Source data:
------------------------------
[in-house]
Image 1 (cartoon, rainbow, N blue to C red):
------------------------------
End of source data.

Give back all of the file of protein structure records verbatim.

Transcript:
[in-house]
Image 1 (cartoon, rainbow, N blue to C red):